3.4a …and Pray!

Short Meditations in Psalms: 3.4a  …and pray!

Psa 3:4  To the LORD I cry aloud, and he answers me from his holy hill.  

In this very simple verse there are two very simple and yet very profound things to be considered. This is all about prayer – “To the Lord I cry aloud.” The sense behind this is that this is real heart anguish that has to be expressed in words out loud, but not mere words, a cry. I suspect that the truth is that initially at least, people never pray until they sense a need and the greater the need the greater the prayer effort. In dire crisis the survival instinct kicks in with a heartfelt cry of anguish.

I have read many books on prayer, many of them very good and very helpful but this verse strips away all the extras and leaves us with the fundament heart of prayer – a need that has come to the end of its human resources and turns to the One we hope is there who, for many of us, is otherwise unknown in life. But a crisis strips away all pretence and even the most hardened atheist has been known to cry out to God on their death bed.

We may start our life of prayer (which it may become) with this tremendous sense of need. Maybe that need passes away but we are left with the reminder that He is there and He takes that opportunity, and through a variety of ways draws us to a place of conviction where we realise we need His salvation through Jesus Christ. Thus we enter into a relationship with Him and prayer becomes a natural element of that relationship. Not always easy – for sometimes He feels a million miles away – but that only accentuates the need and makes us cry out even more.

‘Talking to God’, for that is what prayer is, is both the most simple and most profound thing we do in life. I confess that although I do it every day, purposely first thing every morning, and then in times of natural response or simple need during the course of the day, I still find it the greatest mystery of my Christian life. Why should I tell God all my worries, my fears and my doubts when He knows everything there is to know and so knows them even before I utter them? The answer is humbling: prayer is for my benefit not His. As I pour out those things so it seems He ministers to me and the worry, fear or doubt abates. I haven’t heard Him – that comes later – it just seems that somehow, maybe it is His peace of His presence, He ministers to me and the strife filters away. I struggle with repeating the same things day after day sometimes, yet the truths remain the same, I need Him to daily cleanse me and daily fill with me with His Spirit. And then comes the listening side which we’ll consider in the next meditation.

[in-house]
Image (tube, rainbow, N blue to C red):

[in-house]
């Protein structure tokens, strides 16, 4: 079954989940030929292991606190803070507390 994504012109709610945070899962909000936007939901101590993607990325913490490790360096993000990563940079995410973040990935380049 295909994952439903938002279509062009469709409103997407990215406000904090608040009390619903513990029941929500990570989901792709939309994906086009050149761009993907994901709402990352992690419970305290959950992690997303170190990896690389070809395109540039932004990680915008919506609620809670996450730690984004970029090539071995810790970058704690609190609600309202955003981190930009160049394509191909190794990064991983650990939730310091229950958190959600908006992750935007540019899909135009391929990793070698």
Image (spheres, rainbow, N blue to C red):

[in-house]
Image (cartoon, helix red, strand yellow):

11. God of Initiative

Meditating on the Gems of the Bible:  11. God of Initiative

Ex 3:1-3  Now Moses was tending the flock of Jethro his father-in-law, the priest of Midian, and he led the flock to the far side of the desert and came to Horeb, the mountain of God. There the angel of the LORD appeared to him in flames of fire from within a bush. Moses saw that though the bush was on fire it did not burn up. So Moses thought, “I will go over and see this strange sight–why the bush does not burn up.”

There is always a danger with spiritual matters in thinking that we have to take the initiative and yet the Biblical testimony is that God is ALWAYS the one who takes the initiative.  He created the world to start with. He initiated a relationship with Adam and Eve, He reached out to a pagan called Abram and started off a long-term relationship. And then we come to the verses above where a failed prince of Egypt who has been looking after sheep for forty years comes across a burning bush that is not burning, and finds himself in a conversation with God that will mean life will never be the same again. What we see in those verses is the start of the revelation of the plan of God for the deliverance of His people from Egypt.

The day before I would guess that Moses had no thoughts for the life he had forty years ago, the memories had probably dulled. He is, after all, eighty years old, a time when most of us today would consider we ought to be in retirement. But God has His plans and they include using this man for another forty years.

That is the trouble with the will of God, it stretches out in ways beyond our dreams. We may have had ideas once upon a time of what we might like to become, but the ways of the world, the knocks of life got all that out of us, and so we opt for settling in a quiet lifestyle that upsets no one and allows me to drift on through life. But God looks down and sees a need and sees me and sees what He can do with me, and suddenly there is a burning bush, something that catches my attention and breaks into the hum drum of life. God has plans to do things with me. I would have considered them presumptuous but He simply sees the potential of His child that His child fails to see, and suddenly He creates a burning bush, and I pause and look.